My most memorable fly-fishing moment was a day on the Provo River in early July. The stoneflies were thick on the bushes, and the brown trout were rolling on any stonefly unlucky enough to fall into the water. I put on a small Stimulator and worked my way upstream, casting under the overhanging bushes. On nearly every cast, I caught a beautiful brown trout ranging from 12 to 22 inches. I had to switch my Stimulator out for a new one nearly five times throughout the day because it had become so beat up from the catching fish. It was a beautiful 80 degrees, one of the largest hatches I had ever seen, and I didn’t see another fisherman all day long. I took a short break in the afternoon to eat a snack and sat down in the thick grass on the river bank. I spent the remainder of the afternoon catching more beautiful brown trout. I haven’t ever seen such a perfect day since.

5. What’s your most forgettable fly-fishing moment?
Every fly-fishing moment is memorable, but if I had to choose a moment I wanted to forget, it would be the time that I hooked my wife in the elbow. I was so intent on casting at a rising trout that I wasn’t paying attention to my back cast, and my wife walked behind me as I was in my back cast. I was able to remove the hook from her elbow with my forceps and it turned out just fine, but I haven’t ever been able to live that one down.

If it’s there to be caught, Dave is willing to take a few casts at it.

6. What do you love most about fly-fishing?
The thing I love most about fly fishing is the beauty of it. Everything about fly fishing is beautiful. The fish are beautiful and live in beautiful locales. The casting is beautiful and the flies are beautiful. I never grow tired of exploring beautiful parts of the world for beautiful fish species.

7. What’s your favorite piece of gear and why?
It is difficult to choose my favorite piece of gear. I would have to say my Helios 2. The rod is light, powerful, and a beautiful piece of craftsmanship. It allows me to make long casts to fish I need to reach, and has great accuracy for precise casts in tight spots. I have thoroughly enjoyed fishing my Helios 2, and always admire the great craftsmanship each time I pull it out.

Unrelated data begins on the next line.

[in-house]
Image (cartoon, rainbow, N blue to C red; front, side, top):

8. What’s your go-to fly when nothing else is working?
My go-to fly when nothing else is working is a Klinkhammer. The Klinkhammer is an extremely versatile fly and can be tied in gray, olive, yellow, or tan to imitate many different aquatic insects. It can be very effective on nearly any freshwater fishery. I use it on small streams to large rivers to imitate blue-winged olives, PMDs, and emerging caddisflies. This fly can also be used in lakes and ponds to imitate Callibaetis and other emerging stillwater insects.

Big, dry-fly-eating brown trout are the prize targets on many Utah rivers.

9. What was your favorite fly-fishing trip?
My favorite fly fishing trip was to Slovenia a few years ago. I was amazed by the natural beauty of the country and the large number of spectacular fisheries found there. The Julian Alps in the northern part of Slovenia were breathtaking, and the crystal-clear streams and rivers that flow out of the mountains were full of rainbow, brown, and marble trout. I was extremely impressed by the natural scenery and the fisheries. I had the wonderful opportunity to fish four different rivers in Slovenia and catch rainbows, browns, and marble trout.

10. How do you define the difference between someone who loves fly fishing and a true trout bum?
I would say someone that loves fly fishing appreciates the beauty and art of fly fishing and tries to get out and enjoy this wonderful sport whenever they get a break in their life. A true trout bum makes fly fishing their life. They work in fly fishing, go on fly fishing vacations, have fly fishing friends, and tie flies when they can’t fly fish.

Dave holds a rainbow caught far from home, in Slovenia.

2 thoughts on “Orvis Trout Bum of the Week XXXI: Dave Danley”

  1. Pingback: Orvis Trout Bum of the Week XXXI: Dave Danley | Orvis News · The Fly Fishing Daily